All posts in Aid and Policy

Save the Children’s Food Security and Livelihoods programming across the nexus: Portfolio Mapping 

Save the Children is a leading humanitarian and development child rights organization that strives to ensure all children are protected, educated, and healthy. Save the Children implements child-sensitive food security and livelihoods (FSL) programs to support these goals through discrete projects in many of the most food insecure places in the world. 

In pursuit of its objectives to promote food security and household economic resilience, Save the Children uses different approaches, modalities, and tools, with variations across the nexus (humanitarian, development, peacebuilding). Yet despite Save the Children’s long and significant efforts in FSL, knowledge gaps remain’. In recognition of these gaps, Save the Children commissioned IRMA to conduct a rapid evidence mapping of the FSL portfolio. The main objective is to review the scope of the portfolio and explore how Save the Children is implementing FSL programming. The portfolio mapping aims to answer the following three questions: 

  • WHAT approaches, modalities and tools does Save the Children use for FSL programming? 
  • HOW WELL are these approaches, modalities, and tools working? 
  • WHAT learning does the evidence offer? 

Current and recent Save the Children FSL programs have been systematically reviewed using mixed methods including coding in MaxQDA, and discussions with Save the Children International’s Food Security & Livelihoods Technical Working Group (TWG). A participatory feedback session will be conducted this month.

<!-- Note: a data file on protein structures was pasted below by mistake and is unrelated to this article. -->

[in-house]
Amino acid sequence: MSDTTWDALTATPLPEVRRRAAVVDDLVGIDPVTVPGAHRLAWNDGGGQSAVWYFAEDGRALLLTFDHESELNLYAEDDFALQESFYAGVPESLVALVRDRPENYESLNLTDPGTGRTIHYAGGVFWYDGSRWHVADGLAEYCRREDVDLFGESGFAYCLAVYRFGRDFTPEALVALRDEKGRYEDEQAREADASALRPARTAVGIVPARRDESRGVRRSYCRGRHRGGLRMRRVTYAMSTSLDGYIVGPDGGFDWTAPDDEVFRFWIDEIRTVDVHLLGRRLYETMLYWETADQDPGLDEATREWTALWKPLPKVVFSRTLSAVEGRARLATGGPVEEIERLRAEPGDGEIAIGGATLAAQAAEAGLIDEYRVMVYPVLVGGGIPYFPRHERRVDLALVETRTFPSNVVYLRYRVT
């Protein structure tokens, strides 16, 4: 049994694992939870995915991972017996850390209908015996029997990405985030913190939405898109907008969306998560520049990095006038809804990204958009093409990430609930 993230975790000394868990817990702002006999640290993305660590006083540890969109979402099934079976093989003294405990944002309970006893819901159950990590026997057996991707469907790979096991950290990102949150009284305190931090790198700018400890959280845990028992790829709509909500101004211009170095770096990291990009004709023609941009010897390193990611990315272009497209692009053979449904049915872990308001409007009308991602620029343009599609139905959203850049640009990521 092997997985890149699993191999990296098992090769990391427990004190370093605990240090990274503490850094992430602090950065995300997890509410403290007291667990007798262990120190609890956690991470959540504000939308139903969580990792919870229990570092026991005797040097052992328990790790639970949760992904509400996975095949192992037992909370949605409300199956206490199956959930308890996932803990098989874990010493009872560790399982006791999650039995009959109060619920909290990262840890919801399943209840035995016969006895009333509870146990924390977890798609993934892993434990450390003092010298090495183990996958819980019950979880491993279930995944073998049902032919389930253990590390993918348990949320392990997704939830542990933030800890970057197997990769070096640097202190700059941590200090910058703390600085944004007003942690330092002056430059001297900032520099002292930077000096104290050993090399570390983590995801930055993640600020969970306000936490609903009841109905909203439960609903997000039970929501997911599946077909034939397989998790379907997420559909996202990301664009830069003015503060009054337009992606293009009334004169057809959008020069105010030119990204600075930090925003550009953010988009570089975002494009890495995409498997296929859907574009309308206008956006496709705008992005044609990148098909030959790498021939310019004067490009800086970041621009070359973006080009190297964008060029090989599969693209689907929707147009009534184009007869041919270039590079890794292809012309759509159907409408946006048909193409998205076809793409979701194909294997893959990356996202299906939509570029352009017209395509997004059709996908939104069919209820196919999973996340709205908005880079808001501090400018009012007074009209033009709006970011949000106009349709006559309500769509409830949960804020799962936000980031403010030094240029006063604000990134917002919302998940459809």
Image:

IRMA’s team for this assignment was Lezlie Morinière, Hannah Vaughan-Lee, and Charlotte Gendre.

 

Exploring the Evolving Humanitarian-Development-Peace Nexus: A Meta-Evaluation

Since 2018, a growing number of evaluations have explored how organizations have adopted humanitarian-development-peace (HDP) or double nexus approaches. These evaluations delve into progress, barriers and ways to improve connectedness and complementarity of humanitarian, development and Peace sectors.

Commissioned by ALNAP, Lezlie Moriniere (IRMA co-founding partner) worked with a wide team to conduct a meta-evaluation on the HDP nexus. IRMA support to this study included the tireless efforts of Marilise Turnbull and associates Agathe Mazars and Rachael Hinkel. 

The paper curates findings from 90 evaluations undertaken between 2018 and April 2022, exploring how organizations have advanced their version of a nexus approach. It provides insights into the operationalization and implementation of the triple nexus in practice, offering lessons learned and trends for the wider sector.

ALNAP will conduct a webinar on 7 December featuring the presentation of the mapping and synthesis paper, followed by a moderated panel discussion on actionable steps to advance HDP nexus ways of working.

Click here to register to the webinar.

Click here to explore the paper.

IRMA’s 7th Anniversary : “Can we do better?”

In celebration of our 7th Anniversary, IRMA is pleased to launch a series of cartoons surfacing from our research over the past decade. Aiming to provoke thought and inspire debate on humanitarian action and the HDP nexus, the series is called “Can we do better?” We have found the answer to almost always be “Yes, together”.

Shout out & thanks to Stephan Pelayo, of Studio Kalanoor!

 

The French language version is available here.

 

The French language version is available here.

 

The French language version is available here.

 

The French language version is available here.